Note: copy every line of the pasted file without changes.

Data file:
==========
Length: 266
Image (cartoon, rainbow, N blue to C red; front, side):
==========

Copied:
Length: 266
Image (cartoon, rainbow, N blue to C red; front, side):